Hello, I’m Rogan and welcome. It’s VEDIM day twelve, and it’s International Nurses Day. I’ll give a bit of history about that and a badass woman who basically founded modern-day nursing.
International Nurses Day (IND) is an international day celebrated around the world on May 12th of each year, to mark the contributions nurses make to society. The International Council of Nurses (ICN) has celebrated this day since 1965. In 1953 Dorothy Sutherland, an official with the U.S. Department of Health, Education and Welfare, proposed that President Dwight D. Eisenhower proclaim a “Nurses’ Day”; he did not approve it. In January 1974, May 12th was chosen to celebrate the day as it is the anniversary of the birth of Florence Nightingale, the founder of modern nursing. Each year, ICN prepares and distributes the International Nurses’ Day Kit. The kit contains educational and public information materials, for use by nurses everywhere.
The badass I mentioned earlier is Florence Nightingale, born May 12, 1820 – died August 13, 1910. She was an English social reformer and statistician, and the founder of modern nursing. Most people have at least heard of her name! She came to prominence while serving as a manager of nurses trained by her during the Crimean War, where she organized the tending to wounded soldiers. She gave nursing a highly favorable reputation and became an icon of Victorian culture, especially in the persona of “The Lady with the Lamp” making rounds of wounded soldiers at night.
Some recent commentators have asserted Nightingale’s achievements in the Crimean War were exaggerated by the media at the time, to satisfy the public’s need for a hero. Nevertheless, critics agree on the decisive importance of her follow-up achievements in professionalizing nursing roles for women. In 1860, Nightingale laid the foundation of professional nursing with the establishment of her nursing school at St Thomas’ Hospital in London. It was the first secular nursing school in the world, now part of King’s College London. In recognition of her pioneering work in nursing, the Nightingale Pledge taken by new nurses, and the Florence Nightingale Medal, the highest international distinction a nurse can achieve, were named in her honor, and the annual International Nurses Day is celebrated around the world on her birthday. Her social reforms include improving healthcare for all sections of British society, advocating better hunger relief in India, helping to abolish prostitution laws that were over-harsh to women, and expanding the acceptable forms of female participation in the workforce.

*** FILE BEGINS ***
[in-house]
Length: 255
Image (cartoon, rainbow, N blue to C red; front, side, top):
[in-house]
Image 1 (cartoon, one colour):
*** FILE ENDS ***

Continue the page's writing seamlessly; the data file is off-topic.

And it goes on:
Nightingale was a prodigious and versatile writer. In her lifetime, much of her published work was concerned with spreading medical knowledge. Some of her tracts were written in simple English so that they could easily be understood by those with poor literary skills. She also helped popularize the graphical presentation of statistical data. Much of her writing, including her extensive work on religion and mysticism, has only been published posthumously.
That’s only the beginning of her Wiki page, there is SO MUCH more detail about her life, and what she did. I would definitely recommend you go read about her, she’s pretty badass. If you want to support me making content, I have Patreon and ko-fi. Follow me on my socials, thanks for reading, see you tomorrow!